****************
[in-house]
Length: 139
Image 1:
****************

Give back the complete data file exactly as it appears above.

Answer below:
[in-house]
Length: 139
Image 1: